The real ‘Breaking Bad’
Methamphetamine is cheap, addictive and mobile, and you don’t need to be a chemistry teacher to make it. Last year in poverty-stricken, meth-addicted West Virginia, police raided 533 home labs, scenes that couldn’t be more different from the TV series
The skip is filling with household items, furniture and toys. They have been removed from a mobile home in a trailer park in West Virginia, the latest illegal methamphetamine lab to be raided by police in the second-poorest state in the US, and are being discarded because they are contaminated.
Fans of the US television series Breaking Bad know this highly addictive drug as crystal meth. The most common method of cooking meth in West Virginia is nothing like what goes on in the high-tech lab run by Walter White, the fictional chemistry teacher turned drug manufacturer.
“It is not anywhere comparable to the size or the money they are making on the show. They are small, small labs here in West Virginia,” says Mike Goff, a former state police officer and now administrator of West Virginia Board of Pharmacy’s controlled-substance monitoring programme.
Jennifer Rhyne, owner of Affordable Cleanup, a meth-lab remediation company, and two staff are working on the mobile home in the town of Scott Depot, 30km west of Charleston, the state capital, beyond chimney stacks and chemical plants that billow smoke skywards.
The “shake-and-bake” meth-making method that is popular in West Virginia involves a plastic drink bottle, salt, lithium from a battery, basic household chemicals and a key ingredient, pseudoephedrine, from over-the-counter cold medicines. It takes an hour to make meth this way. “All we have ever seen is the shake-and-bake method. Landlords say this isn’t a lab. Shake and bake is a lab. It’s a lab in a bottle,” says Rhyne.
Dressed in full-body hazardous-materials – or hazmat – suits and respiratory masks, Rhyne’s staff work through the mobile home, which is still scattered with personal belongings and toys, now toxic from the meth chemicals that can cause major respiratory problems.
One of the cleaners, Heath Barnett, shows two syringes he found in the bathroom lab. Addicts snort or smoke meth, or burn it on a spoon and inject it. The mobile home had been occupied by a mother of two whose father had bought her a place to live in.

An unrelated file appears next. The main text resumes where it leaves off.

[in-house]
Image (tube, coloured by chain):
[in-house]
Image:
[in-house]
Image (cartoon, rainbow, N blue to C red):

A woman and her dog emerge from a mobile home next to the former Scott Depot meth lab that Rhyne’s staff are cleaning up. It is bitterly cold. “I had a feeling there was something going on,” says the woman, who doesn’t want to be named. “There was too much traffic, and they had the back door open all the time, with the fans going.
Trailers to $250,000 houses
Affordable Cleanup has been in business for a year, in which time it has remediated 17 properties, from trailers to $250,000 houses, in which meth labs were discovered. As president of a landlords’ association, she saw the money to be made from cleaning the increasing number of labs being found in Kanawha County, West Virginia’s most populous county, and surrounding areas.
Five hundred and thirty-three meth labs were raided in the state last year, up 85 per cent on the 2012 figure. Seven meth clean-up companies operated in the area a year ago, says Rhyne. Now 17 do. A clean-up costs €7,500 a property, and the loss to the landlord averages about €12,500, according to Rhyne.
Cleaners encounter heartbreaking scenes. One woman in her 80s discovered that her grandson had been cooking meth in her home without her knowledge, resulting in a lifetime’s worth of belongings being destroyed. Barnett says they have found children living in 90 per cent of home labs the company has cleaned. In 90 per cent of those cases the cleaners have discovered breathing treatments such as salbutamol inhalers: the cooks are so addicted that they simply seek treatment for their children’s breathing problems, then carry on cooking.
In one clean-up a young girl’s bedroom tested over the limit for contaminants; her parents’ room tested negative. They had been cooking right outside her room. “Unfortunately, it is the children involved who take the biggest hit,” says Cpl Jason Crane, the clandestine-response and training co-ordinator for West Virginia State Police. “When they are cooking in the same mobile home, apartment or house they are exposing these children to the hazardous atmosphere within the dwelling.”